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Right to Request social enterprises: a welcome addition to third sector delivery of English healthcare?

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Abstract:

The English National Health Service introduced the Right to Request (RtR) scheme in 2008, which enabled healthcare staff working in the public sector to 'spin out' community health services into social enterprises. Staff wanting to spin out had to apply to their primary care trust board, which was required to consider their requests and if accepted to guarantee initial contracts of between three and five years. This article reviews the RtR scheme and provides an overview of the organisations that have been launched to date. It then considers the implications of the scheme in relation to its implied objectives of improving patient care and empowering staff, as well as the impact on the health and social care system and on the third sector more widely.

Keywords: ENGLISH NHS; RIGHT TO REQUEST; SOCIAL ENTERPRISE

Document Type: Research Article

DOI: http://dx.doi.org/10.1332/204080512X649414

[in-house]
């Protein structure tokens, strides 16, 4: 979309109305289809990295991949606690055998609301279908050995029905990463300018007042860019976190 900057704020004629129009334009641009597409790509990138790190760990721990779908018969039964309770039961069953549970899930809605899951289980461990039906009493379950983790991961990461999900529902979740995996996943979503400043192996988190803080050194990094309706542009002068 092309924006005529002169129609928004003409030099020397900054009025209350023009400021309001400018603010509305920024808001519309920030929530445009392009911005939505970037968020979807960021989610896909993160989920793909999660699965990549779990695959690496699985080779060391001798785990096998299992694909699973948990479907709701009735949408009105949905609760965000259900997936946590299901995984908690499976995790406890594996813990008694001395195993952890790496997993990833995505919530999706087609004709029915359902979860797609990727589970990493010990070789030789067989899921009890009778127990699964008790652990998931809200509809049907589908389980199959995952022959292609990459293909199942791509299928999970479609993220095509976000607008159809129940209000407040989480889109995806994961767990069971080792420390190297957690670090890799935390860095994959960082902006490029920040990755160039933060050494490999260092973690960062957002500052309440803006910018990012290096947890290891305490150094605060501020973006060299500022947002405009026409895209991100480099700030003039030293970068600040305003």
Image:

Publication date: July 1, 2012

More about this publication?
  • Voluntary Sector Review publishes high-quality, peer-reviewed, accessible papers on third sector research, policy and practice. It is an invaluable cutting-edge resource for all those researching or working in the fast-growing voluntary, community and wider third sectors.

    The journal covers the full range of issues relevant to voluntary sector studies, including: definitional and theoretical debates; management and organisational development; financial and human resources; philanthropy; volunteering and employment; regulation and charity law; service delivery; civic engagement; industry and sub-sector dimensions; relations with other sectors; social enterprise; evaluation and impact. Voluntary Sector Review covers voluntary sector studies from a variety of disciplines, including sociology, social policy, politics, psychology, economics, business studies, social anthropology, philosophy and ethics. The journal includes work from the UK and Europe, and beyond, where cross-national comparisons are illuminating. With dedicated expert policy and practice sections, Voluntary Sector Review also provides an essential forum for the exchange of ideas and new thinking.

    Rigorous and stimulating, Voluntary Sector Review is an indispensable tool for everyone who values empirically-grounded, theoretically-informed and policy-relevant reviews of the future direction of the voluntary sector.

    Editors: Nick Acheson (University of Ulster, UK), Bernard Harris (University of Strathclyde, UK), Rob Macmillan, (University of Birmingham, UK)

    The journal is published in association with the Voluntary Sector Studies Network (VSSN) and a print copy of the journal is a membership benefit.

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